by afew (afew(a in a circle)eurotrib_dot_com) on Fri Nov 21st, 2008 at 03:13:12 PM EST
[ Parent ]
Thanks for the links.

It appears Areopagitica particulary objected to Licensing Order of 1643 enacted and upheld by Parliament untill the return of monarchy and restoration of monarchial - instead of parlamentarian - censorship.

Licensing Order of 1643 - Wikipedia, the free encyclopedia

The Licensing Order reintroduced almost all of the stringent censorship machinery of the 1637 Star Chamber Decree including

  • pre-publication licensing
  • registration of all printing materials with the names of author, printer and publisher in the Register at Stationers' Hall
  • search, seizure and destruction of any books offensive to the government
  • arrest and imprisonment of any offensive writers, printers and publishers.

The Stationers' Company was given the responsibility of acting as censor, in return for a monopoly of the printing trade.



Sweden's finest (and perhaps only) collaborative, leftist e-newspaper Synapze.se
by A swedish kind of death on Fri Nov 21st, 2008 at 03:22:30 PM EST
[ Parent ]

Flannery was particularly praising people like the Levellers, Diggers, etc. These weren't the poeple in power and were eventually suppressed. Some of their more important publications, see earlier comment above, were published after 1648.

On the importance of context in understanding Milton's "Areopagitica" -  see this very interesting discussion, if you have the time:

When King Charles I was forced by financial exigencies to convene the Long Parliament in November of 1640, he set in motion a political dynamic that led to civil war less than two years later and his own beheading within the decade. One of the first actions of the new Parliament was to abolish the Court of Star Chamber, the infamous offshoot of the King's Privy Council which had served as the principal forum for calling to account political opponents, religious dissenters, and those who defied crown-granted monopolies of the printing trade. The abolition of Star Chamber meant, in effect, suspension of the licensing system that had been in operation for over a century, a regulatory hiatus that was more a byproduct of the attack on royal prerogative than a deliberate policy in favor of a free press.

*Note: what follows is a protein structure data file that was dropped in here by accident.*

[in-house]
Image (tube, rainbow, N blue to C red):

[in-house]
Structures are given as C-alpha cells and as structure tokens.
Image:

The immediate result was a flourishing of political and religious ideas the likes of which England had never before experienced. Tudor and early Stuart licensing had been variable though sometimes draconian, often corrupt, and usually porous. The elimination in 1641 of the institutions of press control caused a dramatic increase in both the volume of advocacy and the range of views expressed. By one count, the number of pamphlets published during the year 1640 was 22; in 1642 it was 1,966.

In this atmosphere of excited disputation among antiroyalist factions, King Charles raised his standard at Nottingham in August of 1642. Civil war was at hand. The royalist prospect was by no means bleak. Throughout the year 1642, as various schemes for accommodation failed, about two-fifths of the House of Commons and most of the Lords chose to side with the King. The early skirmishes of the war were indecisive. In mid-1643 the parliamentary armies suffered serious setbacks. Those who believed the parliamentary cause to be the work of divine providence began to have doubts.